Crystal structures of Geobacillus stearothermophilus alpha-glucuronidase complexed with its substrate and products: mechanistic implications.Golan, G., Shallom, D., Teplitsky, A., Zaide, G., Shulami, S., Baasov, T., Stojanoff, V., Thompson, A., Shoham, Y., Shoham, G.
(2004) J.Biol.Chem. 279: 3014-3024
- PubMed: 14573597
- DOI: 10.1074/jbc.M310098200
- Primary Citation of Related Structures:
- PubMed Abstract:
Alpha-glucuronidases cleave the alpha-1,2-glycosidic bond between 4-O-methyl-d-glucuronic acid and short xylooligomers as part of the hemicellulose degradation system. To date, all of the alpha-glucuronidases are classified as family 67 glycosidases, ...
Alpha-glucuronidases cleave the alpha-1,2-glycosidic bond between 4-O-methyl-d-glucuronic acid and short xylooligomers as part of the hemicellulose degradation system. To date, all of the alpha-glucuronidases are classified as family 67 glycosidases, which catalyze the hydrolysis via the investing mechanism. Here we describe several high resolution crystal structures of the alpha-glucuronidase (AguA) from Geobacillus stearothermophilus, in complex with its substrate and products. In the complex of AguA with the intact substrate, the 4-O-methyl-d-glucuronic acid sugar ring is distorted into a half-chair conformation, which is closer to the planar conformation required for the oxocarbenium ion-like transition state structure. In the active site, a water molecule is coordinated between two carboxylic acids, in an appropriate position to act as a nucleophile. From the structural data it is likely that two carboxylic acids, Asp(364) and Glu(392), activate together the nucleophilic water molecule. The loop carrying the catalytic general acid Glu(285) cannot be resolved in some of the structures but could be visualized in its "open" and "closed" (catalytic) conformations in other structures. The protonated state of Glu(285) is presumably stabilized by its proximity to the negative charge of the substrate, representing a new variation of substrate-assisted catalysis mechanism.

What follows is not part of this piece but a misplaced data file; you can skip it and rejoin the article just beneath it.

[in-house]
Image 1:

Department of Inorganic Chemistry, The Hebrew University of Jerusalem, Jerusalem 91904, Israel.